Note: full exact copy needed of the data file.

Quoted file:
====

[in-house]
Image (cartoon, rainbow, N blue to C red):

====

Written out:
[in-house]
Image (cartoon, rainbow, N blue to C red):